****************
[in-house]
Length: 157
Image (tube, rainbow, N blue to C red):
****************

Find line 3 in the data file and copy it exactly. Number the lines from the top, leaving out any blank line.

Image (tube, rainbow, N blue to C red):